CNN boss Jeff Zucker fired Chris Cuomo then went to his birthday party. The close relationship speaks to a characteristic that made him both an admired and flawed leader
Jeff Zucker, the president of CNN Worldwide and chairman of WarnerMedia’s news and sports division, resigned on Feb. 2 under a dark cloud.
The reason: Some of the relationships and loyalty that had made him an admired leader had also led him astray.
In one case, Zucker had failed to disclose his relationship with CNN’s communications head, Allison Gollust, as was required under CNN’s code of conduct.
In another, Zucker merely suspended his friend, star CNN anchor Chris Cuomo, after it was revealed he had counseled his brother, New York Gov. Andrew Cuomo, amid sexual misconduct allegations. Less than a week following that suspension, and after receiving a report of Chris Cuomo sexually harassing a younger employee during his time at ABC, Zucker fired his news anchor, saying his scandals had become “too much for us,” the New York Times reported on Tuesday.
Both episodes have hurt CNN’s credibility and spotlight why close relationships between bosses and their subordinates can be a bad idea.
Zucker has been among the biggest names in broadcasting for over 30 years. He is credited with the long-running success of NBC’s Today show, and he turned Joe Rogan and Donald Trump into TV stars by green-lighting Fear Factor and The Apprentice. Zucker left NBC to take over CNN in 2013.
CNN’s viewership “thrived during the Trump presidency,” the Times wrote, hitting a 40-year high in November 2020. But according to Nielsen, it experienced a substantial drop-off after President Biden’s inauguration in January 2021, losing 58% of viewers ages 25 to 54, its key demographic, and 36% of viewers overall, Insider reported.
The perils of loyalty
Zucker had long given Cuomo leeway, despite Cuomo creating problems early during his tenure at CNN. While some CNN employees found Cuomo’s combative, hot-blooded conduct and approach to reporting and commentating “rude and even threatening,” his boss remained supportive.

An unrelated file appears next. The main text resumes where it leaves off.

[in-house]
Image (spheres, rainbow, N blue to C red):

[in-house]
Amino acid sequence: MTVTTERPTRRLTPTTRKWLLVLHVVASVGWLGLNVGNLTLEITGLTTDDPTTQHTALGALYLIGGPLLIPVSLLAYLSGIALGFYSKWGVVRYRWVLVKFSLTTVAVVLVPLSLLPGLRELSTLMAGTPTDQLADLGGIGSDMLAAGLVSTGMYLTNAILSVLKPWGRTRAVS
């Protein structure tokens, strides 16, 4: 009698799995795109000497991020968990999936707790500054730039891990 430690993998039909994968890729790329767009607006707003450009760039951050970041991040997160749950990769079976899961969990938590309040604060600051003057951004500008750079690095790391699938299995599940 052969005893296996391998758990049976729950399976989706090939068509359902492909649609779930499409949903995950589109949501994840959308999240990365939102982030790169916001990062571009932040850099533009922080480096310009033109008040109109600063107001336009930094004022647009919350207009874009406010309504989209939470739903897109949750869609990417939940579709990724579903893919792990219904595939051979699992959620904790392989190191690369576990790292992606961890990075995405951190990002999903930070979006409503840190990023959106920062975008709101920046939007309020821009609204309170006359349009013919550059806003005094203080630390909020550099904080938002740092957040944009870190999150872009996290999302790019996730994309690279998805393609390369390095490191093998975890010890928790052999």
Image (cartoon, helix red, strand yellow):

Zucker gave Cuomo a coveted 9 p.m. show slot and allowed him to interview his brother on air, despite the conflict of interest. Zucker banned the family interviews only after the governor was accused of sexual harassment. In the summer of 2020, the Times reported, after a string of absences from companywide meetings, Zucker attended Cuomo’s 50th birthday party in the Hamptons.
In late November, the New York Times reports, Zucker told Cuomo he was suspending him because of the advice he had given his brother to fight the sexual harassment claims. Cuomo offered to resign, but Zucker assuaged him, saying he may be able to return eventually.
“Mr. Cuomo felt reassured,” the Times wrote. “He and Mr. Zucker were confidants, their fortunes entwined. Mr. Cuomo didn’t bother to consult a lawyer.”
But after learning of Chris Cuomo’s own sexual harassment allegations, things turned bitter quickly. Feeling spurned by his firing, Cuomo is now “hoping to extract tens of millions of dollars” from CNN, the Times said.
“Cuomo felt very close personally and professionally to Mr. Zucker, which is part of what makes this so difficult and hurtful,” a Cuomo spokesperson told the Times.
The forced departures at CNN make a strong case for why close friendships between boss and employee are almost always ill-advised, Betsy Leatherman, president at the Leadership Circle, a professional training and coaching firm, tells Fortune.
“Bosses and top employees have to think together, strategize together, and be aligned around the business,” she says. “Oftentimes, that feels like friendship, but you can’t let loyalty lead to breaking integrity and boundaries.”
During the pandemic over the past two years, Leatherman points out, bosses and employees at many companies have had to work together in new and dynamic ways, like completing in-person tasks over Zoom and thinking through issues virtually instead of in a conference room. This extra collaboration can be valuable, she says, but they also require a rethinking of boundaries for the whole organization—especially at the highest level.
“A friendship does help to create momentum, but you just don’t want to over-rotate on it such that you lose your way with it,” Leatherman adds. “That’s hard when you pour your heart and soul into it, especially at the C-level. Their entire life is poured into those roles, so switching back and forth between work and home things and relationships makes boundaries semipermeable and really hard to maintain.”
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